When Nhung Wan heard that her children’s school was going to cancel one of its biggest annual fundraising events due to dwindling PTA support, she offered to step in and take over the reins. We spoke to Nhung, Howbridge Junior School’s new PTA Chair, to find out how she went about successfully rebuilding the group.
Nhung was already actively involved in helping out at her children’s school gardening club, which she was able to fit around work commitments. "One day, at lunchtime school gardening club, the deputy head, Mr Howlett, who’d been involved in the PTA, told me that they were going to have to cancel this year’s summer fair and only hold an 'inflatable fun day', as there were no members left in the PTA. I’d no idea that the group had lost so many of its members due to their children moving on."
Making it happen
Nhung tells us that she had to do something to help, “I felt it was sad that the children would lose out on their summer fair – not to mention the fundraising element for the school – so I offered to take over the reigns. We decided to reach out quickly to other parents and luckily we had around 10 supporters (of Mums and one Dad), which meant the fair could go ahead."
Local business support
"That’s when the hard work really started – a bit like a fun rollercoaster ride!" she says. "With the help of the other parents, we were able to organise a summer fair in two weeks. I’d approached local businesses and we were lucky enough to secure sponsorship and many kind gift donations for our raffle ticket draw. It was quite overwhelming support when I explained I was new to the role."
Nhung says that it was a wonderful experience: "Seeing the children, parents, teachers and those who supported us as a team pull through in such a tight timescale was really something. The entire event was such fun and a huge success."
Broadening the appeal
After the summer holidays, Nhung says that parental support for the PTA was up to 20 members, and now with a newly appointed Treasurer (Emma) to the team, they were able to support the school in organising a Macmillan coffee afternoon, raising a fantastic sum of money all for the benefit of the charity.
"Our next event was our first ever school disco – again, with a tight turnaround time of just two weeks. We decided to open it up to all year groups (years 3 to 6) and again, it was a huge success. We heard such positive things about it (even two weeks after the event) that the disco created such great memories. It just goes to show what can be achieved when the whole school community pulls together."
Nhung and the rest of the team then turned their attention to a big fundraiser they’d
been planning – the school Christmas Bazaar. "This was another 'first' for our new team, but we were lucky enough to be supported by local businesses again, with generous and highly prized gift donations for our raffle draw. With quite a few of us able to run stalls, we had children’s competitions, games, various tombolas, homemade produce including cakes, mince pies and mulled wine and reindeer food!."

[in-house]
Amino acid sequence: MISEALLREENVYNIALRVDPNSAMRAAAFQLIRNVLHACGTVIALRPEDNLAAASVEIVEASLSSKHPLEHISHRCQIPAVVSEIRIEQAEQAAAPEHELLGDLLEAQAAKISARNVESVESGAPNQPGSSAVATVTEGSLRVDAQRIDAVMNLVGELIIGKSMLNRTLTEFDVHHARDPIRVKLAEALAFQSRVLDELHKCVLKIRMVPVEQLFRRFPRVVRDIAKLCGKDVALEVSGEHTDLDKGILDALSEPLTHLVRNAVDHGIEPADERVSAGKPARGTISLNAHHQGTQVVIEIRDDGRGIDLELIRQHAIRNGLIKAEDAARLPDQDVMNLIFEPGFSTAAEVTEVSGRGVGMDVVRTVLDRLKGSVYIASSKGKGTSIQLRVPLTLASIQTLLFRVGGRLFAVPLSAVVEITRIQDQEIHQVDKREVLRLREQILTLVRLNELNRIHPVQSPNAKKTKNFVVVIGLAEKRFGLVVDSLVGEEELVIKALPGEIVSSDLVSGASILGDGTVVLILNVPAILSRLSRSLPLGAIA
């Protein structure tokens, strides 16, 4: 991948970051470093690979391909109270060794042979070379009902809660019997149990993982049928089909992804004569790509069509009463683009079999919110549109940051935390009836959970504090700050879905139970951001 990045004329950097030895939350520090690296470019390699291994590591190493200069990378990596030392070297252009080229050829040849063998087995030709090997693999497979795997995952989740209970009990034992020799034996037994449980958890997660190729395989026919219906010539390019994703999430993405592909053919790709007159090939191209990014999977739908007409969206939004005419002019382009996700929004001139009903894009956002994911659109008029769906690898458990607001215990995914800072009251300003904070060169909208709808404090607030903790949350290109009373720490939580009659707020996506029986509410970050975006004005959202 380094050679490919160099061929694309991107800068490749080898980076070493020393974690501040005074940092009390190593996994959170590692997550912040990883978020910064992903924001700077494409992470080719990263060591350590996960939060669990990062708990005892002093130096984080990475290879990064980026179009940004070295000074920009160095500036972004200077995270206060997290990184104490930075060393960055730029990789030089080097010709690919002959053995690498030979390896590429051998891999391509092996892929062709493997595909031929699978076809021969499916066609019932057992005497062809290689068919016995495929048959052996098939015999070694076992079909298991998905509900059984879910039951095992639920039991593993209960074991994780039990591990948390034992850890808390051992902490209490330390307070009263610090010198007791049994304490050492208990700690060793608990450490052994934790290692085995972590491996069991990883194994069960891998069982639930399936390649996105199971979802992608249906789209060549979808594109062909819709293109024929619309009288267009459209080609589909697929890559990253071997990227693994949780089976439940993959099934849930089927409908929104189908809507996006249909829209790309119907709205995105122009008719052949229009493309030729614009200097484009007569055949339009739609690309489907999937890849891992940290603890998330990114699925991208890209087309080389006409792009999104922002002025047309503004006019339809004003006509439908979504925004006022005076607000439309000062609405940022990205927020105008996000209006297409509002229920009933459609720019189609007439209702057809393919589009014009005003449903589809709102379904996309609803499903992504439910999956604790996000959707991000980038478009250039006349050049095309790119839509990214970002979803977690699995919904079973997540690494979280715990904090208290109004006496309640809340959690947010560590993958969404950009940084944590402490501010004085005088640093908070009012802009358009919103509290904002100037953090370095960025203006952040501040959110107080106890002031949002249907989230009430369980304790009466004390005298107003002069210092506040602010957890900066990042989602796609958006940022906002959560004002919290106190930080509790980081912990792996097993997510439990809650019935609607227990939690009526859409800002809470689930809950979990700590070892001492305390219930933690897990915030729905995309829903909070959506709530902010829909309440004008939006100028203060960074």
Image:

Nhung tells us that she really wanted to raise the profile of the school and the event among the wider community, and create a real excitement around it. She decided to write to the local MP, Rt. Hon. Priti Patel MP, who had visited local business over the summer and spoken to Nhung, encouraging her to contact her office if ever there was a community topic or school needing support.
"I was over the moon when I received a reply confirming that Priti Patel would come to our event.
Leading up to the Christmas Bazaar, we organized a ‘Fill a Jam Jar Competition’. The children were invited to fill a clean empty jar with sweets and decorate it as creatively as they wished. I approached our local town hall and our Cllr JoAnn Williams was delighted to be a Judge."
Nhung says that Priti Patel presented prizes to the winners on the evening, “To add to the whole event, we decided to have children playing hand bells to greet and welcome Priti Patel’s arrival and also a team of children performed a surprise song and dance from The Greatest Showman – 'This is Me', in flashmob style! The children worked so hard to prepare for the fair and we thoroughly enjoyed watching the show."
Advice for others
We asked Nhung what she would say to others thinking of getting involved in their school’s PTA. “It has been a wonderful experience taking on this role, reaching out and working together with other parents, but most importantly it has created a wonderful buzz and uplifting atmosphere around and within the school for everyone’s benefit. We certainly couldn’t have organised such wonderful events without the continuing support of our dedicated team of parents and teachers.
"Since the Disco, we've received more volunteers including a couple more dads on board to lend a helping hand. We've even recruited an 'official' PR consultant parent to our team who's taken our Christmas Bazaar event to Press!
"Finally, I’d say don’t be afraid to ask for support, be open-minded, be honest, enjoy and keep everyone smiling!"
- Positive feedback and support from school community following PTA being re-established and the events that have taken place
- Huge support from local business and political figures, which helps to raise the school’s profile among the wider community and encourages further support
- PTA helping to forge greater, stronger links between parents and school
"The Parentkind magazine was such a comfort for me, after managing our very first event with little experience. It’s thanks to reading other parents’ stories that I felt inspired and encouraged to bring ideas to our own PTA – and I’m so pleased that we’ve been able to build up such a successful group in a relatively short period of time."